A team of Harvard Law School researchers, working with the digital team of The New York Times, said that a quarter of the deep links in the New York Times article are now rotten, leaving the page completely inaccessible.
They found that this problem affected more than half of the articles containing links in the NYT directory (dating to 1996), which illustrates the problem of link corruption and how difficult the context is to survive on the Web.
The study studied more than 550,000 articles, which contained more than 2.2 million links to external websites. The survey found that 72% of these links are “or point-to specific rather than general websites.
It’s foreseeable that as time passes, links are more likely to be broken: 6% of links in articles in 2018 were inaccessible, while up to 72% of links have expired since 1998. For an example of link corruption that’s been widespread recently, look at what happened when Twitter banned Donald Trump: all the articles embedded in his tweets were messed up with gray boxes.
The team chose The New York Times in part because the newspaper is well-known for its archiving practices, but this doesn’t mean that the New York Times is exceptionally different about link rotation.
Instead, take the recording paper as an example to illustrate the phenomenon that occurs on the entire Internet.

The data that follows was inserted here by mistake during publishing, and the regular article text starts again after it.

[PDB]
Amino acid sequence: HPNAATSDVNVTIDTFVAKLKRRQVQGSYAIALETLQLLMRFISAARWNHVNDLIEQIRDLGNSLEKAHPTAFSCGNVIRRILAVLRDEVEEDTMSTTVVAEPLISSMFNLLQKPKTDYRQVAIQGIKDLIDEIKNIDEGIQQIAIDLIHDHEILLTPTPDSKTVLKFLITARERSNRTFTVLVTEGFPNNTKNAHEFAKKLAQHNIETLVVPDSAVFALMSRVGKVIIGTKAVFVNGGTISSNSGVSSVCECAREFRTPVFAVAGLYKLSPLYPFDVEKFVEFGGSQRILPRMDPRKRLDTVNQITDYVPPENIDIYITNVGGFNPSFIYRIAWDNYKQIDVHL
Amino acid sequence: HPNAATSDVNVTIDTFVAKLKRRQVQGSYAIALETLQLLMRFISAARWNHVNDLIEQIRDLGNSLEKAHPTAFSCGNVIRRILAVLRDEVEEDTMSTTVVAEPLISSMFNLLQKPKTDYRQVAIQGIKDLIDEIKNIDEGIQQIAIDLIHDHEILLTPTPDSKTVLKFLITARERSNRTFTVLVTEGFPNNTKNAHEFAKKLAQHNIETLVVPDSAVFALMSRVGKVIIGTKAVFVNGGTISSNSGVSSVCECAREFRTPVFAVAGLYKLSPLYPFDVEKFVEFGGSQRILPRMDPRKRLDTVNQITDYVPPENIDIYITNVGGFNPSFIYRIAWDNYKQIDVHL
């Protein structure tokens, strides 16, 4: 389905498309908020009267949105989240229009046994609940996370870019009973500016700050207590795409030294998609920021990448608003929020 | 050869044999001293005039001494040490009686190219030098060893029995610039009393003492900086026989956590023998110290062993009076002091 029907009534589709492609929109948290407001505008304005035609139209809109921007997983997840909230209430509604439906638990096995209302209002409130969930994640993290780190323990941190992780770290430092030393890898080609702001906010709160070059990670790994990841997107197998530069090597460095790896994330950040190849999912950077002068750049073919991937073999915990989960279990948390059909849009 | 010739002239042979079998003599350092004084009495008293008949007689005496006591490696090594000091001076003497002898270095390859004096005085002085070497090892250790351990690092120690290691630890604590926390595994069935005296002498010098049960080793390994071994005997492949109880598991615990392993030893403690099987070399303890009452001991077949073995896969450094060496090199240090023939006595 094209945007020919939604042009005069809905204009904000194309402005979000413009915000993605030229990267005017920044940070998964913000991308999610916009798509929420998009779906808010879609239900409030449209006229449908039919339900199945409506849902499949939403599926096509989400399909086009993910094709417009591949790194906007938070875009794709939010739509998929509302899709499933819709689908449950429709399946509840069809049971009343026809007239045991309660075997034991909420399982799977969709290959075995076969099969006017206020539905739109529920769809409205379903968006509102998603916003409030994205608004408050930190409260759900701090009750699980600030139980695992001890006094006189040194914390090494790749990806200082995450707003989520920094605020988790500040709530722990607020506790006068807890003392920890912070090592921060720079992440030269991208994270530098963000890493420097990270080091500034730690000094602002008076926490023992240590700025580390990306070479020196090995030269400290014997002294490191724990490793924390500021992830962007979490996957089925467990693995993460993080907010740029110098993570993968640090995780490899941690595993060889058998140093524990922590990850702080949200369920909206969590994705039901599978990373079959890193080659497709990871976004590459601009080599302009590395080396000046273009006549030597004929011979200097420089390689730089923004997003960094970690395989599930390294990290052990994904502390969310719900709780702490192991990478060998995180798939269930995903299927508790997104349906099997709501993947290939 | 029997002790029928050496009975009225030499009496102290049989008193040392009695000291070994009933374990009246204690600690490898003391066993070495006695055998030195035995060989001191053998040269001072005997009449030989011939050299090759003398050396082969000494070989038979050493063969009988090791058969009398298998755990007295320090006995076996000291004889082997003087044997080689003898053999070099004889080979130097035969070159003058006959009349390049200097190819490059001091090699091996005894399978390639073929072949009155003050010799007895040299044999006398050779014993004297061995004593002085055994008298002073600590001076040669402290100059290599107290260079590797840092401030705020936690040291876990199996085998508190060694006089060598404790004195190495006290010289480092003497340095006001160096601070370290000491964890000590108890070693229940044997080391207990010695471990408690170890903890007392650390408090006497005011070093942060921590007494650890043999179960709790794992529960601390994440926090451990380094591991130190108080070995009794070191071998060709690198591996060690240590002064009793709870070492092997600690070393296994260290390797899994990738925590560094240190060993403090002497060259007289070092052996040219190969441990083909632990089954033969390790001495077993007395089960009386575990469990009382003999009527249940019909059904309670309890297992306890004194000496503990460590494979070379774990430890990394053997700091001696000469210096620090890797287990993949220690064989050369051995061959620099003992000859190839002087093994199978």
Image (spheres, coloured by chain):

Over time, websites that once provided valuable insights, important background, or evidence of controversial claims through links will be sold or sold, or simply cease to exist, causing links to lead to blank pages, or worse.
BuzzFeed News reported on the underground industry in 2019. The existence of this industry is that customers can pay marketers to find dead links in large media such as The Times or BBC and buy domain names on their own:
They can then use the link to do whatever they want, such as using it to promote a product or hosting a message on the subject of a mocking article.
Link rot not only affects journalism. Imagine if you deleted Rick Astley’s “Never Give Up” video and uploaded the video again. Reddit‘s threads and tweet replies will be countless, which will no longer make sense to future readers. Or imagine if you tried to display the NFT and found that the source link now points to anywhere. What a nightmare.
Some work has been done in trying to preserve the link. For example, Wikipedia requires contributors who write citations to provide links to archived pages on websites such as Wayback Machine if they think the article may change.
There’s also the Perma.cc project, which tries to solve the problem of link corruption in legal citations and academic journals by providing archived versions of pages and links to original sources.
Spreading similar projects there’s unlikely to solve the problem of the entire Internet (including social networks) or even journalists. Until a solution is found, the article will continue to lose more and more context as time passes.
To give a perfect example: our article on link rot, published in 2012, had a source link from the Chesapeake Digital Preservation Group, which now points to page 404.